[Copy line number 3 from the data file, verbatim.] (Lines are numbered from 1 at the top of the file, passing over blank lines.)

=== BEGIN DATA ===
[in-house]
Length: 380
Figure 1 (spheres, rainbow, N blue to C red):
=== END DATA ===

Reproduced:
Figure 1 (spheres, rainbow, N blue to C red):